Multiscale Electrophysiology Format

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Multiscale Electrophysiology Format (MEF) was developed to handle the large amounts of data produced by large-scale electrophysiology in human and animal subjects. MEF can store any time series data up to 24 bits in length, and employs lossless range encoded difference compression. Subject identifying information in the file header can be encrypted using 128-bit AES encryption in order to comply with HIPAA requirements for patient privacy when transmitting data across an open network.

Compressed data is stored in independent blocks to allow direct access to the data, facilitate parallel processing and limit the effects of potential damage to files. Data fidelity is ensured by a 32-bit cyclic redundancy check in each compressed data block using the Koopman polynomial (0xEB31D82E), which has a Hamming distance of from 4 to 114 kbits.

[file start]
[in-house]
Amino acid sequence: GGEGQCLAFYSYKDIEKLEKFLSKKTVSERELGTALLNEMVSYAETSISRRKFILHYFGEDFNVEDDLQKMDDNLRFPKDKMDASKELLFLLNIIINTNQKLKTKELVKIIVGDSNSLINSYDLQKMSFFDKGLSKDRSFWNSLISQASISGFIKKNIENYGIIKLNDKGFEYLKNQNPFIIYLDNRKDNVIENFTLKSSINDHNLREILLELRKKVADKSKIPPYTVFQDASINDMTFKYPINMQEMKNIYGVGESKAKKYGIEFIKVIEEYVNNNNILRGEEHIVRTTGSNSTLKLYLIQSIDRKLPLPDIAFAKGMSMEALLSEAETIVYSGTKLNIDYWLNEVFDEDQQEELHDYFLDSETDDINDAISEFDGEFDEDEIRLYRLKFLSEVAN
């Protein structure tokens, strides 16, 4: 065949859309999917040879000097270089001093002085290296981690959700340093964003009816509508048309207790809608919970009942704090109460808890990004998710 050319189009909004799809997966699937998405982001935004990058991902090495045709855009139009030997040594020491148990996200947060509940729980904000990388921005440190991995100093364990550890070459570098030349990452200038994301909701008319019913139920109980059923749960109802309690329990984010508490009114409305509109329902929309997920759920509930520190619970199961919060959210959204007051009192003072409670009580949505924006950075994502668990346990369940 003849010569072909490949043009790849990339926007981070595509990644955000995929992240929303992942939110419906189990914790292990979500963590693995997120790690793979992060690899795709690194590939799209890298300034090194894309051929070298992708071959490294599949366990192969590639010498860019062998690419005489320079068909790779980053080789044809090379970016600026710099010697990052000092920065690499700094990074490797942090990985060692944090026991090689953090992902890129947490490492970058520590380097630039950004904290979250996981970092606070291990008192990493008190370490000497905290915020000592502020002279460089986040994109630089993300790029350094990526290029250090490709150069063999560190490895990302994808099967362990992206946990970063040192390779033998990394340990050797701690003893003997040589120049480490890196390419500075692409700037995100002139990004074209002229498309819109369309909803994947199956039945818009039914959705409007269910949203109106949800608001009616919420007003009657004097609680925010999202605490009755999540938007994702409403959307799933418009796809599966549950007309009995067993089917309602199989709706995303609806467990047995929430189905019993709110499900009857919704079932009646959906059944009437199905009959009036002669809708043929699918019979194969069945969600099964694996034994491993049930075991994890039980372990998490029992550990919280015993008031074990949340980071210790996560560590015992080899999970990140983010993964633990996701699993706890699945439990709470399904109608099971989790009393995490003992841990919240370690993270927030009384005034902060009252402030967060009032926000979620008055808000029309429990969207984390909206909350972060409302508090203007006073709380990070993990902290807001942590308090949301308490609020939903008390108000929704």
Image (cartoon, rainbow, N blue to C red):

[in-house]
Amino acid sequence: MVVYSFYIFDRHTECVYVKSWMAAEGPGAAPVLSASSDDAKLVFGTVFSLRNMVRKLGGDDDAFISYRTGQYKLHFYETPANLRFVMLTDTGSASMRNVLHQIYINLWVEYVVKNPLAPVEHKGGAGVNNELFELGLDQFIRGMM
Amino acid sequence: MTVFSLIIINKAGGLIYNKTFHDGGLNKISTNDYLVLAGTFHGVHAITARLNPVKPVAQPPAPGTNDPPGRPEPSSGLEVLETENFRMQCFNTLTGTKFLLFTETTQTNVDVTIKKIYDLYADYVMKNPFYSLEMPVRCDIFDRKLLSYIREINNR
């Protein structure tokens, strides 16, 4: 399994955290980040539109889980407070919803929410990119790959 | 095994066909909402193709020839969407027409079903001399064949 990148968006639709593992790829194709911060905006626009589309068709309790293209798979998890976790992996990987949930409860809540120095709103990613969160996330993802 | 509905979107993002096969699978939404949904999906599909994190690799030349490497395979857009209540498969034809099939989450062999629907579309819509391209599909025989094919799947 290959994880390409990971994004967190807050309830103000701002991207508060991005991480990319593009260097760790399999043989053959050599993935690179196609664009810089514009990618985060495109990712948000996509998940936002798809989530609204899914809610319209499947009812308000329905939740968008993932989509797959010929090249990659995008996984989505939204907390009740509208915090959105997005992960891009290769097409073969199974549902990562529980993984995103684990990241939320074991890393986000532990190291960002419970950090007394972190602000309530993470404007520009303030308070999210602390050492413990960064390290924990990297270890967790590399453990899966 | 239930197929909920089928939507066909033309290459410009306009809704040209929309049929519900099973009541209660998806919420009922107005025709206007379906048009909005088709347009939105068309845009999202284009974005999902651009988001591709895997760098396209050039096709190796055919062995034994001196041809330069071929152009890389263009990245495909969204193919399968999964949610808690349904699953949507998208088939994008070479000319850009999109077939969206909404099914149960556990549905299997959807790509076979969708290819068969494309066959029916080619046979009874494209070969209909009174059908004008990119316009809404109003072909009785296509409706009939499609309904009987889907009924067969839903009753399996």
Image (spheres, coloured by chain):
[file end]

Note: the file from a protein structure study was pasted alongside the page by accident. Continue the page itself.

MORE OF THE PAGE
A formal specification [1] and source code [2] are available online.

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Sources[edit]

  • Martin, GNN. Range encoding: an algorithm for removing redundancy from a digitised message. Video & Data Recoding Conference, Southampton, 1979.
  • Koopman, P. 32-Bit Cyclic Redundancy Codes for Internet Applications. The International Conference on Dependable Systems and Networks (June 2002). 459.
  • Brinkmann, BH et al. Large-scale electrophysiology: acquisition, compression, encryption, and storage of big data. Journal of Neuroscience Methods 180 (2009) 185–192. (http://www.ncbi.nlm.nih.gov/pmc/articles/PMC2720128/)